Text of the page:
I had purchased H’s mailbox at a garage sale for 50 cents a few years ago- It’s been living among her dress-up costumes since. I found similar smaller ones at Target during Valentine’s Day when it was briefly open in Canada circa 2014. Since I genuinely enjoy gift giving and love DIY gifts, I bought a few and put them aside for the day I could make this gift idea a reality. I put the items together in a nice sturdy box (in case you haven’t been able to tell, I love re-purposing things. This red box was originally home to either a pair of gloves or a scarf and hat set). All of a sudden, I had a flashback to my childhood and remembered the book, The Jolly Postman or Other People’s Letters in which a postman has mixed up the mail for the residents (all fairy tale characters). The coolest part of the book is that it contains actual letters, cards and postcards that can be removed (the pages are bound together like envelopes). I remembered what joy that book had brought me- not only was it creatively bound, but in elementary school, I entered a writing contest based on the book at my school library and won a prize. I quickly ordered the book and included it with the writing kit.

I gave my niece the letter writing kit as part of her Eid gift along with a personal letter from me.  What followed was an exchange of mail between us. I could not believe how much time she must have spent writing and copying words and trying to express her ideas. It’s been so nice writing back and forth with her- a bond that I hope we can continue to develop as she starts school.

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I gave H the gift later in the summer and she got to work, drawing pictures mostly, and making cards and postcards. She seemed to care less about making letters and cards for actual people and instead used them as props in her play about mail delivery. In fact, she did create a postcard for her cousin but ended up keeping it so that she could play with it instead.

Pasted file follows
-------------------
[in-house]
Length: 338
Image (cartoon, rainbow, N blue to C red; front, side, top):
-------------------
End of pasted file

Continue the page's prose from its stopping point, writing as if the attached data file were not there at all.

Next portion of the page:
H made lots of pieces of mail (she also asked me to create some) and filled them in her mailbox. She then arranged her stuffed animals through the room and went on her rounds, delivering the mail to them. She turned one of Y’s ride-on cars into her mail delivery van.

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During the days her postal work play was unfolding, she received a special piece of mail, all the way from New Zealand! Prior to Ramadan, I had connected with some moms from different places with the hopes that our children could share their Ramadan experiences and traditions with each other.  Given H’s interest in different places (as blogged about here) I thought this would be a good connection. What arrived was a letter from a 4 year old boy about his Ramadan experience in New Zealand alongside a magnet with a map of New Zealand and stickers of the kiwi bird- what a treat! We are working on writing back to our new friend.

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Along with reading the Jolly Postman book (seriously, check this out if you haven’t heard of it before), we also read these books. H really enjoyed the fictional world of Mr. Postmouse’s Rounds and was intrigued by the real information presented in La Poste, a book from France that explains the postal system via the story of a girl who sends mail to her relatives in Nice, France and Quebec, Canada. Even if you don’t speak French, this book provides great pictures that visually demonstrate how mail is collected, sorted and delivered. It even shows historic methods and reasons for mail delivery. I was able to make a cool connection to Islamic history for H by telling her the story of letters that were sent (including the one to King Negus of Abyssinia, or modern day Ethiopia) and the importance of seals.

A few weeks later she drew this picture of two postal workers who are gasping because it started snowing while they were in their rounds.

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Both the kids love watching our mail being delivered (to a community mailbox) but I don’t think either have them have actually been to the post office with me. I suspect when we go to mail our letter to our friend in New Zealand, it will be a good field trip for H.